Covid-affected graduate data could highlight regulation issues

Rise in unemployment shows how graduate outcomes data can be affected by factors other than higher education

July 20, 2021
Magnifying glass searching job adverts illustrating graduate outcomes survey results
Source: zimmytws/iStock

The potential for graduate outcome statistics to be influenced by economic shocks such as the pandemic has been highlighted by the first official survey of UK university leavers since the Covid crisis began.

According to the second annual Graduate Outcomes dataset, which last year surveyed those who left university in the 2018-19 academic year, 7 per cent of graduates were unemployed when asked about their activity compared with 5 per cent the year before.

Meanwhile, the proportion of 2018-19 graduates who were in full-time employment was 56 per cent, a fall of 3 percentage points compared with the 2017-18 graduating cohort.

The Higher Education Statistics Agency (Hesa), which runs the survey looking at leavers’ activity 15 months after graduating, said the statistics were broadly in line with wider data on youth unemployment in the UK during 2020.

But the apparent impact of the pandemic on the figures – especially when drilling down into the statistics on graduates by subject area or types of employment – may raise questions about the government’s apparent aim to see such data used to ensure “minimum standards” on graduate outcomes at universities.

For instance, the latest data show that graduates who studied creative arts and design saw both the largest decrease in the proportion in full-time employment and the largest increase in the proportion unemployed between the two surveys.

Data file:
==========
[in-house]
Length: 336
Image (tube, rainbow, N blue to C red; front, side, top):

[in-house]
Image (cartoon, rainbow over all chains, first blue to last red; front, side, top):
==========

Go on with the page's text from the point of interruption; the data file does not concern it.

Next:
They were also among those seeing the largest decrease in the share of graduates who had gone on to a highly skilled job – down from 53 per cent to 46 per cent when looking at full-time undergraduate courses at universities – between the 2017-18 and 2018-19 cohorts.

Highly skilled employment is one of the metrics that observers believe could be used in the future to clamp down on what the government has deemed "low quality" provision.

The Office for Students, which has just proposed a new batch of conditions on quality, has yet to put forward its detailed proposals on the use of such metrics, saying there will now be a further consultation in the autumn. But one of the concerns that has been raised over the use of such data to ensure standards is how they can be influenced by other factors such as national and regional economic conditions. 

Elsewhere, the latest Graduate Outcomes data also showed that there was a bigger increase in the proportion of black and minority ethnic graduates saying they were unemployed than for white graduates when comparing the 2018-19 cohort with the previous year’s survey.

Bachelor’s graduates who had attended private school were also less likely to be unemployed (5 per cent) than their state school counterparts (6 per cent) among 2018-19 leavers, figures that showed no difference from the year before.

And there were more people on zero-hours contracts for the cohort surveyed during the pandemic; almost 8,000 respondents said they were working on such terms – 4 per cent of graduates – up from 3 per cent for 2017-18 graduates.

Meanwhile, the impact of Covid could clearly be seen in the data on the industry where graduates were employed, with 21 per cent of those in UK work saying they were in jobs related to human health and social work (up from 19 per cent).

Despite the survey collecting most of its responses after the pandemic hit in March 2020, Hesa said the quality of data remained high with better response rates than for the 2017-18 survey.

And after investigating the dataset and comparing it to the 2017-18 results, there was also “no reason to think that the pandemic introduced bias into the responses received”.

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